Inspired by a piece I read recently in an English broadsheet, I decided to take a look at the subject of office wear and appearance – and the conventions thereof. I began by analysing my own admittedly limited experience.
My very first brush with my superiors at work was not, strangely enough, because of my sartorial tastes. It concerned my hair... or to be more specific, its length.
After completing my studies in the late 1960s I began a job with a Canadian company in a small town 60 miles west of Toronto.
On my first day I turned up for work in a suit and tie and felt almost squeakily conventional. But, at the end of day one, the office supervisor sidled up to me and whispered: “Er, before you come in tomorrow... would you get your hair cut please.” It was not a request, it was an order.
However, as my hair at the time was comparatively short – and since I did not wish to look like a convict or a sufferer from some nasty disease of the scalp, I checked myself out in the mirror and decided not to comply. Bad move: Next day there appeared in my pigeonhole a note in red ink from the big boss... the supreme leader. It was short and to the point and read: “Get a haircut after work today.” Then his spidery signature underneath.
I suppose we are at least two generations away from seeing is-sur avukat entering the law courts in velvet jacket, pastel coloured shirt and bold cravat
Again, after checking that my crowning glory had not sprouted a metre or so in a night, I decided that it was both neat enough and short enough, so I ignored this as well. The next stage was a direct: “See me” summons, school headmaster style, from the big boss and a face to face confrontation across his desk.
I should explain that in the meantime I had checked out the hairstyles of the rest of the office’s male employees.
To a man, these comprised a look that nowadays seems to be adopted by prematurely balding men in their 20s and 30s: namely shaved back and sides with about one centimetre of hair left on top of the head. I decided this was not for me and if my refusal to subject my thatch to this extreme cut meant the sack, then so be it.
And it was with this resolute attitude to the fore that I faced the big boss that afternoon – after working hours, naturally. I remember he looked balefully at me, sighed deeply and said: “I am asking you to conform to company policy and get your hair cut in the manner of the rest of my male employees.”
Incidentally, this was the first time the work ‘asking’ was used; prior to this I had been instructed or told to comply.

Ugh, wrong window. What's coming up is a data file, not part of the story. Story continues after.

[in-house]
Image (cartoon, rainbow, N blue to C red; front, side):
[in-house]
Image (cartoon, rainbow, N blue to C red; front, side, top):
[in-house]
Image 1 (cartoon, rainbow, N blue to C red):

Anyway, once again I decided to ignore the request, even when it could have meant dismissal. And as luck would have it, no more was said about the haircut... apart from a few snide remarks from one or two of my more moronic work colleagues. The hair crisis was over and done with in less than a week.
At the other extreme, I once worked for a northern English advertising agency where there was positively no dress or hair code. The only thing the boss insisted on was that staff should be clean.
They could wear what they liked and they sure did. One female designer – with exceptional legs – used to turn up in the shortest shorts I have ever seen.
Not only could you see her hip bone... you could almost see her armpits. Yet, she was exceptionally good at her job and also a real sweetie, so her dress sense was completely irrelevant.
My father was an accountant and wore suits everywhere.
His idea of casual wear was to loosen his tie. Professional men in general have always been a bit tight cheeked about their schmutter.
Doctors, businessmen, computer geeks... all tend to dress conservatively – and, with the exception of the last mentioned, have always done so. And I don’t see a change any time soon.
Similarly female professionals have also tended to be rather sartorially austere... but usually with a lot more style. I can’t vouch for it with chapter and verse, but I reckon business attire has changed very little since the 1940s.
To back up this point, even today some conventions linger when it comes to work apparel.
A male lawyer, for instance, has a proscribed uniform of dark two-piece business suit and quiet tie, plus an aura of understated pomposity (unless he happens to be a certain renegade ex-MP, where his pomposity is anything but understated) that says: “I have done six years studying law and now I am a fully qualified lawyer.
“Consequently I am superior to you and everybody else... so there!”
I suppose we are at least two generations away from seeing is-ur avukat entering the law courts in velvet jacket, pastel coloured shirt and bold cravat.
But I hope I’m still around when it does happen.
So does what you wear to work matter? Yes, for certain professions of course, it does.
A construction worker shouldn’t dream of entering a building site without a hard hat and industrial boots.
Just as someone who prepares food should never do so with filthy hands and wearing an overall splattered with grease and gravy stains.
But the office is slightly different; any firm that has direct contact with the public should make sure its employees are at least neatly and cleanly turned out.
Speaking personally, the one freedom I treasure above all others, now that I work full-time from home, is that I no longer have to dress the part.
I can be at the computer dressed in anything from shorts and a T-shirt to a rather tatty dressing gown and slippers... and nobody gives a damn... least of all me.
Of course there will always be those who claim that in order to succeed in one’s chosen career, it is essential to turn up in a conventional dark suit and tie.
Oh really? Just go and tell that to Richard Branson.
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